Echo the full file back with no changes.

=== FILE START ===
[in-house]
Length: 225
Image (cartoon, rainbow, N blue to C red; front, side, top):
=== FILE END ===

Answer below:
[in-house]
Length: 225
Image (cartoon, rainbow, N blue to C red; front, side, top):